Dame Deborah James, nicknamed the ‘bowel babe’ raised more than £11.3mn for Cancer Research and is credited for increasing awareness of the disease, which killed her in 2022 aged 40

Dexter star Michael C Hall is an early onset cancer survivor, having Hodgkin's lymphoma at 38, he is now 53

Modern Family actress Sofia Vergara is also an early onset cancer survivor, having had thyroid cancer when she was just 28

Dexter star Michael C Hall was diagnosed with Hodgkin’s lymphoma at 38 (pictured here in 2020) whereas Modern Family actress Sofia Vergara was previously diagnosed with thyroid cancer at the just 28

In 2008 Star Wars star Ewan McGregor revealed  he had a cancerous mole removed from just below his right eye, he was 37 at the time

Australian popstar Kylie Minogue had her own cancer battle, being diagnosed with breast cancer in 2005, she was 36 at the time

Actor Ewan McGregor and singer Kylie Minogue both starred in the 2001 film Moulin Rouge but they also share a similar medical history both having had cancer before the age of 50

Kensington Palace has said it will not be sharing details of what kind of cancer she has, or what stage of cancer it is and has asked people not to speculate.

In a statement, His Majesty said he is ‘so proud of Catherine for her courage in speaking as she did’ and remains in the ‘closest contact with his beloved daughter-in-law’. 

Kate is currently undergoing preventative chemotherapy following the discovery of her cancer, having started the treatment in February. 

Preventative chemotherapy, medically called adjuvant chemotherapy, uses powerful drugs that target fast growing cells like cancer. 

It is designed to eliminate any small traces of cancer that remain following surgery in a bid to reduce the risk of the disease returning.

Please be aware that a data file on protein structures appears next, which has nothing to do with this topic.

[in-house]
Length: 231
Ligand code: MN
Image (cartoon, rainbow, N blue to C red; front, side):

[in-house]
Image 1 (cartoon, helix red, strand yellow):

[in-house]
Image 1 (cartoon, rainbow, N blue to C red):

Kate’s cancer battle in her own words: The Princess of Wales’ emotional video statement in full 

I wanted to take this opportunity to say thank you, personally, for all the wonderful messages of support and for your understanding whilst I have been recovering from surgery.

It has been an incredibly tough couple of months for our entire family, but I’ve had a fantastic medical team who have taken great care of me, for which I am so grateful.

In January, I underwent major abdominal surgery in London and at the time, it was thought that my condition was non-cancerous. The surgery was successful. However, tests after the operation found cancer had been present. My medical team therefore advised that I should undergo a course of preventative chemotherapy and I am now in the early stages of that treatment.

This of course came as a huge shock, and William and I have been doing everything we can to process and manage this privately for the sake of our young family.

As you can imagine, this has taken time. It has taken me time to recover from major surgery in order to start my treatment. But, most importantly, it has taken us time to explain everything to

George, Charlotte and Louis in a way that is appropriate for them, and to reassure them that I am going to be ok.

As I have said to them; I am well and getting stronger every day by focusing on the things that will help me heal; in my mind, body and spirits.

Having William by my side is a great source of comfort and reassurance too. As is the love, support and kindness that has been shown by so many of you. It means so much to us both.

We hope that you will understand that, as a family, we now need some time, space and privacy while I complete my treatment. My work has always brought me a deep sense of joy and I look forward to being back when I am able, but for now I must focus on making a full recovery.

At this time, I am also thinking of all those whose lives have been affected by cancer. For everyone facing this disease, in whatever form, please do not lose faith or hope. You are not alone.